I spent last weekend on Guanajuato Way in the middle of the Artisans Market, which is almost as much about socializing as buying and selling. For two days every conversation began with the exact same question: what in the world do you make of Sarah Palin? Hers was an instantly recognized name that no one had ever heard three days earlier. That's what getting tapped for a presidential ticket will do for you.
Mostly I listened. My mind's been slow to wrap around the fact that Republican leaders think that if something happens to their main man, a short-term Alaska governor who was mayor of a town one-fourth the size of Ashland should be President of the United States. It seems almost gullible to believe it, as if that zany prankster John McCain will step up any time and say, "Fooled ya! See, I'm just a fun guy who you'd like to have a beer with, too!"
The Palin selection feels like a Google search. I think they entered a list of key-phrases in that skinny box at the top of the page, each one a trait they want in their VP:
- youthful vibrancy
- hunter/NRA champion
- reassure religious right
- female (a crumb to Hillary hold-outs)
- congenial (aka, who you'd like to have a root beer with)
- attractively gutsy
And up came Sarah Palin.
Here's the key phrase they left out: "plausibly qualified to run the country." If you're someone who likes every single thing about this woman, I want you to go to the mirror and watch yourself say, slowly and clearly: "President Sarah Palin — yes, she is ready." Whatever your politics, did you keep a straight face? Be honest.
The GOP made a couple of stabs at dealing with this pesky detail. First they reminded us that Alaska's governor commands the state's National Guard. That failed to impress. Okay, then, how about pointing out (and I am not making this up — Cindy McCain did) that since Alaska is the geographically closest state to Russia, its governor would naturally have a keen grasp of one of our major international challenges? I could be wrong, but I don't think that quite cleared the bar either.
Which leaves the technique favored by both parties when faced with a dangerous question they can't answer: change the subject. Three days after learning that Sarah Palin existed, we began hearing stories about her personal life that sound like a season's plot line for "All My Children."
What bad news for the Republicans, said the media. Really? Since the Pregnant Daughter saga broke, I've heard everything about Bristol the Pistol and fiancé Levi Johnston and Sarah's noble decision to carry to term her Down Syndrome baby (or, gossipy whispers went, grand-baby) and almost nothing at all about Governor Palin's qualifications to run America. And I like to think I pay attention to the serious-minded end of the media spectrum.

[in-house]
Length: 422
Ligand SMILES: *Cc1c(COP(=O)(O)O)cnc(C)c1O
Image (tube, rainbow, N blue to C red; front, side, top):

That doesn't sound to me like bad news for the GOP. I don't know if McCain's people leaked this soap opera or not (though if they vetted her half as thoroughly as they claim, they knew it would have to come out). But if you wanted to knock the debate over qualifications off America's radar screen, could you find a better strategy?
It gets shrewder that that, because of Governor Palin's terrific communication skills. Though I write this hours before her big convention speech, I know how she'll come off: poised, funny, gracious, courageous under fire and very, very charming. In weeks to come, look for a thread of serious questions and unserious tidbits about Sarah Palin, followed by irate reaction from Republican leaders about the liberal media's smear campaign and hints that the Obama camp is behind these scurvy attacks. Then the nominee will step up to yet another podium with yet another winning smile and another few remarks about her love for this great country and her confidence that its great people have the goodness to reject this mean-spirited mudslinging. You could write the speech yourself.
With each of these gracious appearances, the question of Sarah Palin's bottom-line qualifications will recede a little more. Some who started out shaking their heads at the selection, particularly those attuned to the way women are dismissed and patronized, might just say "All I know at this point is that I really like this woman. She's getting a raw deal, and if there were something I could do about it — but wait a minute; there is"¦"
It's easy lifting for me to criticize the Palin selection, because she's on the opposite side of issues I care about. Those of you sharing some of her views have a harder task. Please: If you failed the straight-face test above, think hard before filling in that oval with No. 2 pencil. As a nation we've already tried picking presidents as we would beer-drinking buddies. How's it been working for us?
Jeff Golden is the author of "As If We Were Grownups," "Forest Blood" and the new novel "Unafraid" (with excerpts at www.unafraidthebook.com).